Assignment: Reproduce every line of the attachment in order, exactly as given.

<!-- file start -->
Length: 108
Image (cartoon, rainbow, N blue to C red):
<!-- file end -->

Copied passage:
Length: 108
Image (cartoon, rainbow, N blue to C red):